so instead, the onus is on you who claim that simple multiples on turnover are used for determining financial viability of deals, and you so far haven't shown where this has actually been the case.

    but of course there are other things one can do with one's time, so i will stop derailing the thread.
    hey dude heard of the los angeles dodgers? the team was knee deep in dept as in losing money on a year to year basis and was recently sold to Magic Johnson and a large group of investors for 1.4 Billion dollars(rumored as high as 2 billion), that included cable rights and dodger stadium and the parking lot etc.. but this is a team/company that lost money probably for the last 10 years w/ the owner taking money from the dodgers to live his awesome life as well and as poorly run'd as that team was it still fetched what is an all time record for a baseball team maybe an american franchise, u know why? it has nothing to do w/ current earnings and has everything to do w/ potential earnings, so 5 times any company's earnings is really not even something to blink about, when FB went public did it make 5 times it's earnings? no i think was closer to 32 times it's earnings, when Krispy Creme went public did it earn 5 times it's earnings... not really more like 70 times it's earnings.

    Not sure if u follow the this thing called the stock market but it's all perception and recognition and has very little to do w/ earnings. as a dude that worked in that field for a year I saw that multiple times, even when things came in over the estimate they fell and when some companys came in well under... (amazon for example) the stock rose dramatically. There's this thing called stupidity and people w/ money are pretty much stuck w/ it as well...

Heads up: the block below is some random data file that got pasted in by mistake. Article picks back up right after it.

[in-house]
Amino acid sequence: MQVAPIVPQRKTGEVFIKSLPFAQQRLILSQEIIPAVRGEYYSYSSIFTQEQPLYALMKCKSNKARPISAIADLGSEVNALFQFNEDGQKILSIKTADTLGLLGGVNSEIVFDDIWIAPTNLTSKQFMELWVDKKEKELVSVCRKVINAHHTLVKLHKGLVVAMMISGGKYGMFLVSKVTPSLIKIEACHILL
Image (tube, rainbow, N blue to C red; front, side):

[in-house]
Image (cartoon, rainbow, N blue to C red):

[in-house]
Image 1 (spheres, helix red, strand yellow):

Leave a comment:


  • interest1
    replied
    Originally posted by Peasant View Post

    Damn.. what's next? Harnden e-commerce? Selfies of Carol?
    One with that ridiculous leather baby bump and the horsetail, please.

    I've left my thoughts on Ann's departure in her thread. This one will die out, that one will live on.

    Leave a comment:


  • Peasant
    replied
    Damn.. what's next? Harnden e-commerce? Selfies of Carol?

    Leave a comment:


  • Faust
    replied
    Yes, can we please go back to lamenting Ann's departure?

    Leave a comment:


  • Shucks
    replied
    no problem. am already following m&a's in this industry. i am not saying earnings are the sole or even best basis for analysis - most valuations are done with a triangulation approach using several of many available valuation tools.

    so instead, the onus is on you who claim that simple multiples on turnover are used for determining financial viability of deals, and you so far haven't shown where this has actually been the case.

    but of course there are other things one can do with one's time, so i will stop derailing the thread.

    Leave a comment:


  • Geoffrey B. Small
    replied
    Shucks, really sorry, I would love to cite you some chapter and verse, but I have no more time available here... I have my own very very busy thing to run, and a mountain of work to deal with. No disrespect intended. Hope you understand. You do not have to believe me... for me, it is no big deal. I just post sometimes here to let people know what I know, see, and hear from the inside. You agree you disagree, it's not really my issue or problem. There is no agenda here. If you look carefully around you though, you can see what is going on. On your own, I suggest you just keep an eye on BoF,Bloomberg, Financial Times, WSJ, WWD etc articles on acquisitions on the luxury and designer sector. There is a boom going on in M&A deals and they are extremely overvalued. If you are able find a deal in this sector in the last 2-3 years that was valued strictly on earnings multiples, then I will gladly send you my white flag. OK? Like I said, it's not a big deal to win or lose some argument here on this. In the meantime though, I gotta go to work--lots of clients still waiting for deliveries. Cheers, G
    Last edited by Geoffrey B. Small; 11-22-2013, 04:04 AM.

    Leave a comment:


  • Shucks
    replied
    Originally posted by Geoffrey B. Small View Post